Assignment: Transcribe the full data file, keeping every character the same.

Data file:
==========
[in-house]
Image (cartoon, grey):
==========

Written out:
[in-house]
Image (cartoon, grey):